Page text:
Living next door to Tungurahua
Trip Start May 13, 2007
36Trip End Ongoing
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So right at this moment, preparing my blog, Iīm laying in a hammock and keeping my eye on the volcano from which the clouds have just cleared and which is letting out huge clouds of dirty smoke.
We are working on a WWOOF farm just outside the town of Banos. The farm, which is actually more a big garden is called Tungurahua Tea Room, after the volcano that is visible from most parts of the garden.
The town of Banosī, which is within walking distance, name means ĻThe Baths (or the toilets) and is names so because of all the thermal baths
The most interesting aspect of our surroundings is of course the active volcano, Tungurahua. We are very lucky in where we stay because we have a clear view of her. From most places in Banos you canīt see her but we can run out and look at her whenever the clouds clear, or whenever she makes a big noise. She has been active for the past 10 years and last year on July 14 and August 16 there were two big eruptions, which must have been very spectacular and very scary. There was lightening hopping between mountains 20km apart, red hot rocks the size of golf balls fell from the sky and of course there was lava, which luckily didnīt come close to the town and stopped about 2km from where we stay. Less spectacular, but just as deadly, were clouds of of poisenous gas that came down from the mountain and ash rain that fell for weeks afterwards. After 2 big eruptions she has been quiterer and mostly making herself heard around full moon. This is an interesting fact about volcanos, which I didnīt know, they are more active around full moon. This makes complete sense of course, I guess it works the same as with the tides. Tomorrow night is full moon and we have really seen an increase in activity. The first 3 weeks we spend here we saw nothing but smoke and heard the odd rumbling but this week we actually saw lava flowing from the crater and she spewed some things into the air
Ok now for the more boring info. Everything is much more relaxed here than on the previous farm. Our facilities are basic but comfortable, with a small room for me and Brian, right next to the open air kitchen. The kitchen is not modern but with the gas stove we have been eating really well. We cook for ourselves and between the four of us most meals have been outstanding.
We were 4 people working on the farm but at the moment it is just the 2 of us. Mario, the permanent worker, who is a very interesting guy and a great cook, has left for 2 weeks vacation. There was also another volunteer Richard, who had worked here for a month. He is the same Richard we met in Intag, just with longer hair and a beard and weīve been having a great time with him. There is also a part time worker that comes in on Thursdays and Fridays, his name is Don Victor and he is 96 years old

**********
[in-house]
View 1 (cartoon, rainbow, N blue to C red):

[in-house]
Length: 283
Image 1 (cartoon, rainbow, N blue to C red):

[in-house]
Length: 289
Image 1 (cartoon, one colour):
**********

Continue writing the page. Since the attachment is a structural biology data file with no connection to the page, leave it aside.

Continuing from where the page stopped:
Our days start at 7 with oats, panela (brown sugar) and coffee. Between 7:30 and 8 we start work, which can be weeding, planting or , mostly, building a garden path. 9:30 is tea time and this is always a surprise because the tea always comes from the garden. My favourite tea is lemongrass of which there is an abundance. After tea it is back to work in the garden. The 5000m2 garden is beautiful with lots of colourful flowers that atract colibris (hummingbirds) and butterflies, and a few vegetable patches to feed the hungry workers. Lunch is from noon to one and almost always has zanahoria blancas (white carrots) in. THere are many of these root vegetables in the garden and so everyone is trying to use them in a tasty way. After lunch we work for 2 hours intil three and then we have the afternoon to ourselves. Most of the time before sundown is spent in the hammocks, reading, writing, learning Spanish or just thinking. THen comes the dark, and inevitably with it comes candles, loads of popcorn with chili sauce and card games.
Last Monday night, after our Tungurahua climb (of which I will tell more next time) we decided that we definately needed the healing powers of the thermal pools. It was a great way to soothe our tired bodies. The water come directly from hot springs created by the volcano and is the temperature of too hot bath water. We spent 2 hours in the pool, Brian alternated between hot and cold pools because it is impossible to stay in the hot water for more than 10 minutes at a time. The hot water really tires you out and we had a wonderful nightīs sleep when we got home.
We do more than lie in hammocks here and next time I will tell about our Tungurahua climb and our cycling trip to the edge of the amazon.